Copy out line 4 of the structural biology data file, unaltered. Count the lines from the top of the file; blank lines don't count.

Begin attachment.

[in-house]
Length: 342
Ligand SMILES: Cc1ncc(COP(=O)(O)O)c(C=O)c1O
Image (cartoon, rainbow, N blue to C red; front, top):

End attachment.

Image (cartoon, rainbow, N blue to C red; front, top):